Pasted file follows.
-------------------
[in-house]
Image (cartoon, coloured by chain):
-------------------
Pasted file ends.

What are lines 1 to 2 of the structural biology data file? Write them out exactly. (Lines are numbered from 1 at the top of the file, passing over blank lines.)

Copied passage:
[in-house]
Image (cartoon, coloured by chain):